Shenoy’s presentation, titled “Designing and Characterizing a 3D Printed Staggered Herringbone Mixer,” discussed her work to develop a faster and cheaper method for using 3D printing to fabricate staggered herringbone mixers. The staggered herringbone mixer, which uses repeated patterns of grooves, has proven to be an efficient passive mixer of microfluids. The extremely promising mixer has many applications in biomedical diagnostic platforms, such as isolating tumor cells and performing assays on blood samples. 3D printing serves as an attractive alternative to conventional microfluidic fabrication techniques, such as photolithography, because it speeds up fabrication time from days to hours. However, existing 3D printers cannot achieve the sub-100 micrometer feature sizes enabled by photolithography. They also suffer from printing inaccuracies and print-to-print variations, which become significant at smaller scales. Shenoy presented her team’s research, which was intended to eliminate those weaknesses.
“We have developed methods to calibrate 3D printers to enable more accurate printing, and we also redesigned the staggered herringbone to length scales that are achievable through 3D printers,” she explained. “We found that these redesigned mixers with larger feature sizes still functioned well and were additionally robust against the variation that occurred between print cycles.”
Shenoy has worked as an undergraduate researcher at UCSB since her freshman year, when she joined the research groups of mechanical engineering professor Megan Valentine and Matt Helgeson, an associate professor of chemical engineering. Still a member of those labs, Shenoy interned last spring for the MRL’s Research Internships in Science and Engineering (RISE) program and for FLAM the past two summers. Through this work, she participates in the MRL’s Interdisciplinary Research Group 3 (IRG-3), co-led by Valentine and Helgeson. IRG-3 focuses on discovering how material assembly and innovative processing can help to establish the foundational design rules for creating versatile soft materials for eventual use in advanced fabrics, packing, additive manufacturing, and tissue replacements. Since June, Shenoy has also been working on a computational project under the supervision of Saeed Najafi, an IRG-3 postdoctoral researcher. The project uses simulations to study the phase behavior of charged polymer systems. Shenoy expressed gratitude to Helgeson, Valentine, as well as those involved with RISE, FLAM, and IRG-3.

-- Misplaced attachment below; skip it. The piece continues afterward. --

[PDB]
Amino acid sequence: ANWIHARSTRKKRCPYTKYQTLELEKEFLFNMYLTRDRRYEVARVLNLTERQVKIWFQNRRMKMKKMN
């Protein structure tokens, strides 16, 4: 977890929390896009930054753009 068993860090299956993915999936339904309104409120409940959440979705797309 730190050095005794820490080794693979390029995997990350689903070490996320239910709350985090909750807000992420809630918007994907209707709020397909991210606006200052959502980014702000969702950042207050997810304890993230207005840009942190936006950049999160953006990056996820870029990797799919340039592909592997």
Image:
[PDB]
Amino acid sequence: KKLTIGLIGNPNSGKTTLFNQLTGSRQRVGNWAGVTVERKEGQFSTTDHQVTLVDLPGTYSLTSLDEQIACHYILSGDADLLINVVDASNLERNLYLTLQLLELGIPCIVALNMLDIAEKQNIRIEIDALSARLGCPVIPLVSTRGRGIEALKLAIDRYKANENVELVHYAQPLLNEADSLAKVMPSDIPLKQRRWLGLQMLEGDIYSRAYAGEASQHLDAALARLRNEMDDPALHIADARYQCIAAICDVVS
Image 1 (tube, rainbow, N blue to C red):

“Conducting research as an undergraduate has been incredibly rewarding for me, as I’ve received the chance not only to contribute to a project that interests me, but also to develop my problem-solving skills,” said Shenoy. “This experience has definitely solidified my interest in attending graduate school, and while I’m still developing my research interests, I would definitely like to continue working on research in the same area as what I am currently doing.”
A third UCSB researcher associated with FLAM, Chelsea Edwards, who was Shenoy’s mentor, earned first place in the Materials Engineering & Science Division’s Graduate Student Poster Competition at the AIChE Annual Meeting. Edwards is a third-year chemical engineering PhD student at UCSB and a member of the Helgeson research group.
Caption: Model of the polypeptoids attached to a surface, which emulate surface functionality effects on water behavior. The results presented at the AIChE poster were on the lone polypeptoids in solution, yet current work is being done on these tethered to a surface.
Caption: Gradient generating microfluidic chip patterned with the staggered herringbone mixer.